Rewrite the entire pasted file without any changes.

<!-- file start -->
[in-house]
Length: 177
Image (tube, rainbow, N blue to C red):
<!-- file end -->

[in-house]
Length: 177
Image (tube, rainbow, N blue to C red):